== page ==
Is Atheism a chiefly liberal or conservative philosophy?

I know this may seem like a bit of an odd question but I’ve been wondering about it for the past few days and for some reason I can’t escape the feeling that it (atheism) would be a rather ‘conservative’ point of view (that is, at least in title), and yet I’m constantly being called a liberal because of my social and political leanings. I'm just wondering what your views are on this.

 

PS: I’ll be gone for a few days but I will catch up with this thread when I return.

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Michael,

I can see your libertarian angst starting to seep through in your comments, lol.  Regardless, the definition of value you put forth makes value itself completely arbitrary, and subjective to any number of viewpoints.  However, Jameer's agreement with you belies something else~ how is the value of an object determined by the seller?  Is it merely a number they make up, or is it based on the price they paid for the product?  If you move up the chain from resources to manufacturing to distribution, the value of the object increases as it passes hands from one seller to buyer, so on and so forth.  The value of that object is determined, in each case, by the price paid by the seller.  That value is objective, based on the expenditures needed to pass that product up the chain.  It is interesting, however, that at the end of that chain, in your view, the value of something becomes completely subjective, whereas throughout its previous life it has a foundation upon which it is based.

Value is a normative concept, Park. And of course you can see my libertarian angst. But it should do more than seep. Your definition of value of absurd. There is no absolute value of an object. It's value is determined by what it means to an individual. Cost, in terms of dollars, can be quantified, if I paid 10 dollars for some peanut butter and 5 for some jelly and 2 for some bread, put it all together myself, in my kitchen, and I wish to sell it for 50 dollars and you buy it, that's its value! We negotiate the value of a nonquantifiable amount of energy/effort that went into the product. Work!!! It is often much more valuable than the other fixed costs of production. Stop ignoring this. Value is normative. Unlike the length of a line, which is descriptive.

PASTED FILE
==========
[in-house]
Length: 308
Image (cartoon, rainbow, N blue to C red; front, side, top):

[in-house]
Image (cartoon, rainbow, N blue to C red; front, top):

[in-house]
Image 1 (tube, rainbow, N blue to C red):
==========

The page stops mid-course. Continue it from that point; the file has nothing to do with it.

No, that isn't how value works in business.  Value to a buyer is subjective, and thus mostly arbitrary~ If I say a wheelbarrow is worth a million dollars, that means absolutely nothing to determining its value.  It doesn't matter if I am willing to pay one million dollars, that doesn't represent its value to anyone but myself.  If you say your wheelbarrow is worth a million dollars, unless there is a quantifiable reason to back that up (say, its made of platinum and powered by rocket engines) it is not worth a million dollars~ it is still worth roughly the cost to produce it.  The real world, such as the world of retail commerce, does not work in the way you describe~ values are based upon the cost of production.  If Walmart thinks they can sell wheelbarrows for one million a piece, that doesn't make the value of that (cheep) wheelbarrow one million dollars~ it does show the possible absurdities based on a trade of subjective values, but does not reflect anything about the intrinsic value of said object.  Nowhere am I suggesting absolutes, but I see nowhere that my examples are contested and my conclusions diverge from them.
Value is not what one person says it is, as I stated above. It is the agreed price. Exploitation involves fraud or force. Else, it is trade. Moral, proper and fair. Economics and markets work because of work. Peanut butter plus jelly and bread put together by a human is worth more than the pieces by themselves and still in their containers. The additional value of the sandwich over its parts is dictated by the agreed upon price, in the market. This is basic economics. Your wish for exploitation to be implicit in fair trade is plain wishful thinking and it does not make it so. Value is a normative concept, Park. What is valuable to one person is not necessarily a value to someone else. The market decides value, based on supply and demand, of course as long as the majority rule corrupt government decides to force itself into economics and set prices and rates, which fucks everything up.

The value you speak of being "normative" is only within the paradigm of a subjective value theory, which I personally find ludicrous.  I'm curious, however, why an intrinsic theory of value, concerning the resources and labor that goes into producing an item, doesn't seem to make sense to you.  What do you see as the problem with that value theory, and why is a completely mobile theory of value based on subjective opinion the best option?  Understanding that our two viewpoints do not intersect, I guess, is important. 

 

I'm curious why you think a value system where the buyer determines the value benefits the seller, and where the seller determines the value benefits the buyer? I'm also intrigued you find no flaw in a system that has led to a gallon of Cola being equal in value to a gallon of gasoline~ it would seem to me that, in application, the values of two such things should be drastically different, since one is infinitely more useful than the other.